Criminal Law

Field Sobriety Test: Walk and Turn

The second most performed field sobriety test in a DWI investigation is the Walk and Turn.  To fully understand this field sobriety test, you must become familiar with the phases and scoring of the test.  After you are acquainted with proper administration, you can then point to the issues which may arise during the test.

Instructions for the walk and turn: the suspect will be told to place their left foot on what may be a real or an imaginary line. Then the suspect is told to place their right foot on the line in front of their left foot while placing their hands by their side. The suspect is instructed to remain in this position until instructed to start the test.

The Walk and turn is a divided attention test.  It will usually be the second test administered by the officer, after the HGN. According to NHTSA, the field sobriety test must be performed “in strict compliance with the directives issued.” If performed correctly, the walk and turn is said to be 68% accurate at detecting a BAC of greater than or equal to 0.10.  The test is divided into two stages.

The first stage is the instruction stage. This stage divides the persons attention by making them both balance and process information given to them by the officer. The person must remain in the instructional stage until told to begin the test.

The second stage is the actual walking stage.  At this stage, the person must divide their attention by controlling their muscles, balancing correctly and remembering exactly how they were instructed to perform the test.  During this stage, the person will have to take a series of 9 heel to toe steps and then make a turn in a very specific way which is described by the officer during the instructional phase. The person will then have to take another series of nine steps back to where the test was started.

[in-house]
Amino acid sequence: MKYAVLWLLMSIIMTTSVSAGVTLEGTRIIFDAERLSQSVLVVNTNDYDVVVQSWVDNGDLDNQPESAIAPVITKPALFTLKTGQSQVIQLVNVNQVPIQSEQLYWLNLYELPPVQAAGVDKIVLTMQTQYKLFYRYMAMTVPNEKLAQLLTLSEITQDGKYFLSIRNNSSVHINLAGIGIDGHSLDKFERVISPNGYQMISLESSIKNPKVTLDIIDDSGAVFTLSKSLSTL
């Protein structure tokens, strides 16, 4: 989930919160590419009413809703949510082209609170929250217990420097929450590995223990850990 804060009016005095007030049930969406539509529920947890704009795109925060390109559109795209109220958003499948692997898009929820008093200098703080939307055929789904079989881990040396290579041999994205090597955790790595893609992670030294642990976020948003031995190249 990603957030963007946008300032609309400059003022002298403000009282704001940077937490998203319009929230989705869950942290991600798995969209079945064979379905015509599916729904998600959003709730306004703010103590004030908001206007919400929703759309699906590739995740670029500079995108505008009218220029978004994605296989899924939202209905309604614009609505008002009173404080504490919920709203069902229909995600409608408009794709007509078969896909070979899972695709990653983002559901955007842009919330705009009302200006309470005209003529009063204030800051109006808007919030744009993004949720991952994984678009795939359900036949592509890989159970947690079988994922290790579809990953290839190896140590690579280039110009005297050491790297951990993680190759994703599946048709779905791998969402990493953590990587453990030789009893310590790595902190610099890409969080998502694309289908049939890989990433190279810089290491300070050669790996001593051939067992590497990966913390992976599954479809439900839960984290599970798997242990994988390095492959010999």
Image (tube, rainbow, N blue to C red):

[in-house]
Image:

To get an accurate field sobriety test, the officer is taught to administer the test on a “reasonably dry, hard, level, non-slippery surface.” The site of the test should be large enough to accommodate the entire 9 step test.

During the test, the officer will be looking for a number of clues.  The clues as provided by NHTSA are:

  1. Cannot keep balance while listening to the instructions
  2. Starts too soon
  3. Stops while walking
  4. Does not touch heel to toe
  5. Steps off the line
  6. Uses arms to balance
  7. Improper turn
  8. Incorrect number of steps

If the person taking the test shows 2 or more clues, NHTSA says this is an indication of a BAC at or above 0.08.

Issues with the walk and turn: this is a test which requires a person to due multiple different actions at once. You must first maintain your balance while in the instructional phase of having your feet heal to toe, one in front of the other. While you are balancing during this phase, the officer will be talking to you and giving you a demonstration on how to complete the test (this is part of the divided attention aspect of the test).  This test has many variables, such as the surface on which it is performed, the shoes the subject is wearing, the physical condition of the subject, and countless other factors that play into the actual reliability of the test.  This test is also not to be used on anyone over the age of 65 years old. The walk and turn test has many parts, and thus it has many ways to be attacked. A knowledgeable DWI attorney will be able to spot the mistakes made and use them to their clients advantage. 

We happen to know good DWI attorneys.

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